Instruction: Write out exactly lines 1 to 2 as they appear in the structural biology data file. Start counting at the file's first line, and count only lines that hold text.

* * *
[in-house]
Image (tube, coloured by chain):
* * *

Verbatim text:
[in-house]
Image (tube, coloured by chain):